Renewable methanol is ‘uniquely positioned’ to be a future-proof fuel

With the correct policy support, renewable methanol has the potential to grow from chemical building block to mainstream energy source, writes Methanol Institute CEO Gregory Dolan.

For the shipping industry to achieve the IMO’s 2050 carbon reduction targets an investment and technology transition on the scale of a moonshot will be needed.

It is a progressive process too, but there is no doubt that the end point is fuels produced sustainably from renewable sources, enabling net carbon neutral performance on the ship; from well to wake.

We have no illusions about how difficult this will be and although the shipping industry is hearing a lot about potential choices, few are currently available at the required scale or have the necessary regulatory approvals to enable them to be adopted.

Methanol is among the choices available to owners today that has industry acceptance and regulatory approvals – and one that offers a range of renewable pathways that could enable methanol to provide a long term, net carbon neutral solution.

A new joint report by the International Renewable Energy Agency (IRENA) and the Methanol Institute – “Innovation Outlook: Renewable Methanol” – concludes that increasing production of renewable Methanol can provide the platform needed to support cost effective decarbonization.

While transitioning the global economy to carbon-neutral energy will take massive investments in technology development, infrastructure, and deployment, economies of scale for renewable methanol production and use will lead to competitive fuel pricing for multiple sectors, the report finds. It concludes that as a liquid with the highest hydrogen to carbon ratio of any liquid fuel, renewable methanol can be a key energy source.

The worldwide annual production of methanol nearly doubled over the last decade to reach about 98m metric tonnes (MMT) in 2019 and is expected to grow to more than 120 MMT by 2025 and 500 MMT by 2050.

IRENA’s Transforming Energy Scenario (TES) describes an ambitious, yet realistic, energy transformation pathway based largely on renewable energy sources and steadily improved energy efficiency (though not limited exclusively to these technologies). This would set the energy system on the path needed to keep the rise in global temperatures to well below 2degC and towards 1.5degC during this century.

Under the TES assumptions, IRENA estimates that by 2050 the future production of Methanol could be comprised as follows:

• Methanol from biomass: 135 Mt
• Methanol from green hydrogen and captured CO2: 250 Mt
• Methanol from fossil fuels: 115 Mt

Land and marine transportation will likely be main drivers for the expansion of renewable methanol, due to mandates and legislation being increasingly put in place by regulating authorities to reduce GHG emissions and achieve sustainability goals, the report finds.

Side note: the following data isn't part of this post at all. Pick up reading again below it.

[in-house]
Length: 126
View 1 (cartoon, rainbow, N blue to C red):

Since methanol can be utilised in existing combustion engines as well as more advanced powertrains and chemical production processes, conventional grey and blue methanol can be used today, with a transition to green methanol over time. This makes renewable methanol uniquely positioned to be a future proof fuel.

The report concludes that since government decisions will increasingly drive energy investment decisions, the world’s energy destiny lies in the hands of policy makers. Crafting the right policies and incentives is crucial to meeting the goals of carbon emission reduction, energy security, sustainability, and improvement in quality of life. Sufficient investment in long-lived capital-intensive renewable technologies will not happen without confidence in strong, stable, predictable and sustained policy.

To this end, the report makes seven recommendations for industry and governments on ow to facilitate the transition to renewable methanol:

  1. Ensure systemic investment throughout the value chain, including technology development, infrastructure and deployment;
  2. Create a level playing field through public policy to facilitate sector-coupling;
  3. Support market forces in the chemical sector, focusing on carbon intensity in consumer products;
  4. Acknowledge how renewable methanol can contribute to carbon neutrality in “green deals”, Covid-19 economic recovery packages and hydrogen strategies;
  5. Translate the political will for carbon reduction into regulatory measures and support to facilitate long-term growth;
  6. Encourage international co-operation on trade strategies to create jobs and foster competitive new industries for e-methanol in both producing and consuming regions;
  7. Institute policy instruments to ensure equitable tax treatment and a long-term guaranteed price floor for renewable methanol and other promising fuels.

Currently the main barrier to renewable methanol as well as for other renewable alternatives remains the cost compared to fossil counterparts. For the most part, production of methanol from biomass and from CO2 and H2 is not limited by technology. What is needed is political will to make sustainability a priority and introduce robust policies to stimulate increased use of renewable solutions.


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